Science


Intensive monitoring conducted before and after the restoration work has allowed scientists to track a variety of biophysical and biological changes as a result of large-scale restoration. Adaptive management efforts have informed Refuge and USGS about what’s working well, and what can still be improved. Such long-term monitoring is crucial for understanding the complexities of the Nisqually Restoration.

Monitoring units are located across the Nisqually Delta, providing a complete picture of habitat recovery. Pilot, Phase I and Phase II units were restored by the Nisqually Indian Tribe beginning in 1996, while all units to the west of the Nisqually River comprised the 2009 restoration unit. In addition, the units ‘Animal’ and ‘Red Salmon Reference’ are reference sites to the monitoring.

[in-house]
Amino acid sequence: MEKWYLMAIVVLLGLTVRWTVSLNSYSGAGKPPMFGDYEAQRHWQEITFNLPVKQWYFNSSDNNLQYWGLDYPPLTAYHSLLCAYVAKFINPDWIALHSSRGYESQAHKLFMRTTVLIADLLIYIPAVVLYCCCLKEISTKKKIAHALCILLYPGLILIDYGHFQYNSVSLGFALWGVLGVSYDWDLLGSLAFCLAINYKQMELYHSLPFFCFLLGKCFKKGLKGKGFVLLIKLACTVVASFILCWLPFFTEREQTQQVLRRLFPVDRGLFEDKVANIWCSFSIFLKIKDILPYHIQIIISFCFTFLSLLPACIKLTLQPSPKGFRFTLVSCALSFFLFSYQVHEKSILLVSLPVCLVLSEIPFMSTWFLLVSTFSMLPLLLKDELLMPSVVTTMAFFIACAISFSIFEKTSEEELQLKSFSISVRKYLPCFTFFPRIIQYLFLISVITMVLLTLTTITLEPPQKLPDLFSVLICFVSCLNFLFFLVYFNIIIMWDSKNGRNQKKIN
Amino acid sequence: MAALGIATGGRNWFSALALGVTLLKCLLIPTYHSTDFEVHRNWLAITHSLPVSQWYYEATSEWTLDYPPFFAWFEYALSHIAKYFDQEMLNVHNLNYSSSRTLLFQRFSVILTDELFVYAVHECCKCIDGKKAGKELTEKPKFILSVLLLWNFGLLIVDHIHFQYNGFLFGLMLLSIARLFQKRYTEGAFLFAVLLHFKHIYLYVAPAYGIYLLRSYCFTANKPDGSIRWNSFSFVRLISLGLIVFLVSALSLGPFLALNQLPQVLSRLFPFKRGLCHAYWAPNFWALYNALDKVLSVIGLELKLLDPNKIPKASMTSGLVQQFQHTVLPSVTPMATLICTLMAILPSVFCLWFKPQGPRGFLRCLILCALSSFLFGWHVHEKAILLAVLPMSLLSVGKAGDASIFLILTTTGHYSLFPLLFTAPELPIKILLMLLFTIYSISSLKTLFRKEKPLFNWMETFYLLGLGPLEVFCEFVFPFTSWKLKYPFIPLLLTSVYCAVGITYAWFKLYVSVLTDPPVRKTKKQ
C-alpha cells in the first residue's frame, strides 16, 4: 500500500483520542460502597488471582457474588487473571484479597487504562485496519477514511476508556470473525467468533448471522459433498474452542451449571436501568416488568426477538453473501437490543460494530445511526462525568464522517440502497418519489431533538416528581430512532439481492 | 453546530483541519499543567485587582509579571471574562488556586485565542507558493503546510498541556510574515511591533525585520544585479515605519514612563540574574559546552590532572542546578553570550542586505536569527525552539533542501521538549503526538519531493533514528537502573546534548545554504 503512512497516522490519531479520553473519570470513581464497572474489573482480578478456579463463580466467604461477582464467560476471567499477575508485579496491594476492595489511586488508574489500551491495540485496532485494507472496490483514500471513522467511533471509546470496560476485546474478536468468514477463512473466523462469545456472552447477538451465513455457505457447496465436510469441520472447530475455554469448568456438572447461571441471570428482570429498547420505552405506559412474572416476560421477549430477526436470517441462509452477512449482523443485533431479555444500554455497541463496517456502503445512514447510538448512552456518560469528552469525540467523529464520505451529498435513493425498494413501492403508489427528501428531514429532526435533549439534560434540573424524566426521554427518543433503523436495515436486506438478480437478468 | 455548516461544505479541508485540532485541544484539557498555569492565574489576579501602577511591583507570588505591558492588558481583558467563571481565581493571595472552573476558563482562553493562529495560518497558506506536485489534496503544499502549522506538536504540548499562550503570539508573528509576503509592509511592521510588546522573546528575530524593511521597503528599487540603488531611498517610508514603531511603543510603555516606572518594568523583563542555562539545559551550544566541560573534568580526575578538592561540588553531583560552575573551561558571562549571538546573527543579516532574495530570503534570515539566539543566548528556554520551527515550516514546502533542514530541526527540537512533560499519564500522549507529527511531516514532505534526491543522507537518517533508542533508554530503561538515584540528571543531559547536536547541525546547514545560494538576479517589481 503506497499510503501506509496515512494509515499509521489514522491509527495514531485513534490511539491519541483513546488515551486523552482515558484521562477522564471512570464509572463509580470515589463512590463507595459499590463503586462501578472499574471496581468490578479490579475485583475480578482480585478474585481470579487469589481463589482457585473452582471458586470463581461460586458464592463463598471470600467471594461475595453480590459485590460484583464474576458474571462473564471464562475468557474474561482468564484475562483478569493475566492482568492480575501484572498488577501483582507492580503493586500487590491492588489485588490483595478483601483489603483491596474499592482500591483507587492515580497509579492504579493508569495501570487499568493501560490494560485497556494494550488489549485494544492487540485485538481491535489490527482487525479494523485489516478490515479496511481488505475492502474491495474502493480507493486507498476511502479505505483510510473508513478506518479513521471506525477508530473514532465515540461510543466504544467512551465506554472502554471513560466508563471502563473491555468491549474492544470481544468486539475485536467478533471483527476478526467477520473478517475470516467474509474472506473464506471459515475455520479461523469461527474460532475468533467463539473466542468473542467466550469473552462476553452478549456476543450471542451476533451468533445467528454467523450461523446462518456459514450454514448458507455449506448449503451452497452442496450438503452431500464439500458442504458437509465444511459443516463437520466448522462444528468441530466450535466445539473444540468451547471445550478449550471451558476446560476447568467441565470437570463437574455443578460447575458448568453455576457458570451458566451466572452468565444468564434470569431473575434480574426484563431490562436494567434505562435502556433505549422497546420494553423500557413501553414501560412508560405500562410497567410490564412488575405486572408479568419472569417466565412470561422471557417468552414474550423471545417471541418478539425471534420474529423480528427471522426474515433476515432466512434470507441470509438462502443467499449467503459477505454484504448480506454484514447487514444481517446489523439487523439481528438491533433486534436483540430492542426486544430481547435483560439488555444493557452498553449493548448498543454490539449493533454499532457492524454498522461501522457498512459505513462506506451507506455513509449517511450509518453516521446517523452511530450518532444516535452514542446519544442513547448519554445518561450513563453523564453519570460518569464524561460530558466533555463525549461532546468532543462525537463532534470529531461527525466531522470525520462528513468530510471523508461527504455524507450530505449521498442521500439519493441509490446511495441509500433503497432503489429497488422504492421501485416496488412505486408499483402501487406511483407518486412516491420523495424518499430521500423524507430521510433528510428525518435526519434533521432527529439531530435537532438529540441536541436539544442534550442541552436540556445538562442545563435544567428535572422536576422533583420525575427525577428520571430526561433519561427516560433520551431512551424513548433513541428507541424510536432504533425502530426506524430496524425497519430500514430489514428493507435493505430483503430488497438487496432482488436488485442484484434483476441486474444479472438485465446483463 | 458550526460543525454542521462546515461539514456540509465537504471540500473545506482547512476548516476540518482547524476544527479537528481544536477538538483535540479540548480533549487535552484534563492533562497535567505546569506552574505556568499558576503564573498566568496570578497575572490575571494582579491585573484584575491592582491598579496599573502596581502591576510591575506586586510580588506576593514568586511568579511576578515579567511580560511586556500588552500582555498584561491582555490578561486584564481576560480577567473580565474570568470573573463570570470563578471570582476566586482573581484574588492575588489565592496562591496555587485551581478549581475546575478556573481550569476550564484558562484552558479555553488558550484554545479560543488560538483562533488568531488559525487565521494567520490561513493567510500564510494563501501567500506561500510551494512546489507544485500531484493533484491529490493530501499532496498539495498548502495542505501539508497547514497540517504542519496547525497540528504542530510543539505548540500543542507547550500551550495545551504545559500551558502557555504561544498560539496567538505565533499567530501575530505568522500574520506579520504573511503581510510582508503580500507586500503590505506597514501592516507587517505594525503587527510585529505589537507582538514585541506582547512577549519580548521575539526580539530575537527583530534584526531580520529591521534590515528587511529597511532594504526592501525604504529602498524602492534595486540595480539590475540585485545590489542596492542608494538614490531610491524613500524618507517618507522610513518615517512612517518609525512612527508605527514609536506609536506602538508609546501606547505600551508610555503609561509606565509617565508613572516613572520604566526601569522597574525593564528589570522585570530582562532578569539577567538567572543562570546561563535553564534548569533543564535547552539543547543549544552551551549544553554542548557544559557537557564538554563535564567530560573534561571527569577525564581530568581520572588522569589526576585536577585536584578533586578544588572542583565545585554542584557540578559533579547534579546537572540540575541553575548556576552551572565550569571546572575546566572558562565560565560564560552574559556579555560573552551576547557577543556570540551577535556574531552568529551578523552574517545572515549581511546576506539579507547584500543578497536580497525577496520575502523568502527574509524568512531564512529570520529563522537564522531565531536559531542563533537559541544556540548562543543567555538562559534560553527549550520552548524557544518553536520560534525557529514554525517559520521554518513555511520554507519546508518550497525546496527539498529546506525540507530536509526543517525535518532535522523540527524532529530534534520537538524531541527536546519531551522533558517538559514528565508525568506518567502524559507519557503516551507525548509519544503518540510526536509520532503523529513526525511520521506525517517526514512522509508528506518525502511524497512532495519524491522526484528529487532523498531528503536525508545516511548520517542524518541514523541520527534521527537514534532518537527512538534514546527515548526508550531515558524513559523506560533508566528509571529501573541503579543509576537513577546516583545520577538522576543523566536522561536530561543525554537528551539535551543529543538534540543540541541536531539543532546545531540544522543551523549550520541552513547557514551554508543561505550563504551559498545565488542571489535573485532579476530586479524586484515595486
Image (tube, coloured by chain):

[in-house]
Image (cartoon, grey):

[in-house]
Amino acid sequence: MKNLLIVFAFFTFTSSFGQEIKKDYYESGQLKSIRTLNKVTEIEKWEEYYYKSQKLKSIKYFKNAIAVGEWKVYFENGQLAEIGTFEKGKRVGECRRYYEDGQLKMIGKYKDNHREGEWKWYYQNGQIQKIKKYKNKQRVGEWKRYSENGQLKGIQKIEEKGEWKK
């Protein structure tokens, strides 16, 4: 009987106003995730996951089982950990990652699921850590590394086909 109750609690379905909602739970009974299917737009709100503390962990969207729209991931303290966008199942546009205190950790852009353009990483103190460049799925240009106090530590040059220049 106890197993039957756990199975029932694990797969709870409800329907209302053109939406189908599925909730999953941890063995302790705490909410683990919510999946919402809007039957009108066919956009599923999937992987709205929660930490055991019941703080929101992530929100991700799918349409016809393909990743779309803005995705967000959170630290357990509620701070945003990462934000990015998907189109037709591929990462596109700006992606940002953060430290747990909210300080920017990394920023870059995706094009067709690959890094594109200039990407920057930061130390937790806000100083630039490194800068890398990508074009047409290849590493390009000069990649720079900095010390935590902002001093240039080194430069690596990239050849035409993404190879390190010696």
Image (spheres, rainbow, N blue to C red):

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» Aerial Photography and Remote Sensing
» Estuary and Nearshore Changes
» Geomorphology and Sedimentation
» Tidal Inundation
» Vegetation
» Birds
» Fish
» Photo-documentation